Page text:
(CNN)A Japanese jazz pianist was beaten in a New York City subway station, requiring him to be hospitalized, according to the New York City Police Department and the man's family.
Japanese jazz pianist recovering from surgery after New York subway attack
During the attack on September 27, Tadataka Unno was exiting the West 135th Street station in Harlem when he was confronted by a group of young people blocking the turnstiles, according to a police report.
Police said that after Unno tried to avoid them, he was pushed from behind and two people began yelling at him.
"I had no idea why I was shoved. One of them pointed at me and said, This guy just pushed me' to her peers. This was not true," Unno wrote in a statement to CNN. "One of the others said, 'She's pregnant,' as if to imply that I had just attacked a pregnant person."
One male began beating Unno, followed him, and continued to attack him, causing Unno to fall to the ground. As he fled the station, the group followed him, beating him repeatedly while bystanders watched.
Unno says that the group called him a "Chinese m*therf**ker."
"I felt like they were hitting me to release stress," Unno wrote in his statement. "It felt like they were just hitting me until they felt done, and that they would continue to beat me until I was either unconscious and severely injured, or dead."
Unno thought he was going to die, he wrote, until he began thinking of his wife and 4-month-old son "and thought that I couldn't die." A nearby woman then intervened and called an ambulance, Unno wrote.
Unno said he suffered a complex fracture in his shoulder and arm, which required an operation. He is completely unable to use his right arm, which he relies on for his livelihood as a jazz pianist.
"I might never play again," he wrote. "The trauma, both physical and mental, are severe, and I have no timeline for a full recovery."
No arrests have been made, according to the NYPD.
Unno is a jazz pianist and composer who has played at the Kennedy Center as well as New York jazz clubs including Village Vanguard, Dizzy's Club, and the Blue Note. Unno has lived in New York City since 2008, according to his website.
A note on his website reads: "Thank you everyone for your prayers, love and tremendous support for Tadataka and Family."
Jerome Jennings, a longtime friend of Unno and the conductor of The Juilliard School's jazz orchestra, started a GoFundMe page that has raised more than $122,000 as of Sunday evening, well above the original $25,000 goal.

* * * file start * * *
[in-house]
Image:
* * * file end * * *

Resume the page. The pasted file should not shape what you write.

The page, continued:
Unno is currently recovering from surgery, his wife Sayaka told CNN.
Jennings says that most of the GoFundMe donations were between $5 and $100, and stemmed mainly from the jazz community, which has been hard-hit by Covid-19 restrictions.
"I'm deeply grateful for this. In a difficult time, this support is like a shining light for me," Unno wrote in his statement.
Jennings said that, in the wake of the attack "everybody showed up for Tadataka," who he described as "a kind, beautiful person."
"I thought that was just a testament to his character and also a testament to the people doing the right thing," Jennings said. "We need all the slivers of light as possible."
In August, the NYPD announced the creation of an Asian Hate Crime Task Force after an increase in racist attacks against Asian Americans during the Covid-19 pandemic.
"I was astonished by how many messages I've gotten from Japanese people, who say they have had very similar experiences in the past, and that they empathise with the pain and the fear," Unno wrote, adding he at least partly attributes the attack to anti-Asian sentiment due to what he says are President Donald Trump's "words that cast Chinese people in a negative light."
"This incident made me feel deeply the issues of the social standing of Asians, and the marginalization we experience," Unno said.
The NYPD said it is not currently investigating the attack as a hate crime, but some local politicians have condemned the attack for being motivated by hate.
New York City Comptroller Scott Stringer said in a tweet that the incident was "horrific."
"We can't tolerate acts of hate and we must fight bigotry on all fronts. My thoughts are with Tadataka Unno and his family as he recovers," Stringer said.
Rep. Grace Meng, who represents the 6th Congressional District in Queens, said in a Twitter post that the attack was "hard to see...in the city where I grew up and am now raising my boys."
"My thoughts are with Tadataka Unno and his family as he recovers. Hate -- against AAPIs and against any community -- has no place in New York," Meng said.